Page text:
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  • Print publication year: 2012
  • Online publication date: October 2015

6 - The Migration of Professionals in an Integrating East Asia



Asian professionals have been going to the United States, Canada, Australia, the United Kingdom, and other western European countries over much of the contemporary history of migration. This is partly a legacy of a long history of colonial relationship, especially in the case of the Philippines and the United States, Malaysia, Hong Kong, Singapore and the United Kingdom, and Indonesia and The Netherlands, and also due to strong trade and investment links between them which occasion movements of traders, managers, and technicians, including intracompany transfers. The desire of many young Asians to acquire advanced degrees from western educational institutions has reinforced these trends, while shortages of skills and talents in western industrial countries have prompted the adoption of welcoming immigration policies. Compared with other destinations these countries also offer easier access to certain niches of their labour market because of language and early steps taken to recognize professional degrees and qualifications acquired in foreign countries.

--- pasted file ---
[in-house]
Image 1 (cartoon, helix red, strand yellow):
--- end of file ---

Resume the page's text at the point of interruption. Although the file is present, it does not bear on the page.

The rise of East Asian economies has deflected some of these flows towards destinations within the region and there are signs that the flows are accelerating, albeit from a low base. Expatriate Japanese managers have for some time been ubiquitous in the region's capitals from Seoul to Jakarta, but today one also finds among their ranks Koreans, Taiwanese, Filipinos, Malaysians, and Thais. They manage factories in China and Thailand, run banks in Lao PDR and Cambodia, staff hospitals in Singapore and Brunei, and pilot passenger airlines from Hong Kong and Malaysia. The numbers engaged in these movements are difficult to ascertain, but they have clearly grown over the past decade and are likely to continue into the future in spite of the global economic crisis. Intracorporate transferees and the movements of professional managers and engineers are bound to grow with the extension of supply chains among East Asian economies as evidenced by the growth in the volume of intraregional trade in intermediate goods and commodities, related services, and direct foreign investments.